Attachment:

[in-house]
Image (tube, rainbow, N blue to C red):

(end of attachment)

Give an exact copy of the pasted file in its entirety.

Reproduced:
[in-house]
Image (tube, rainbow, N blue to C red):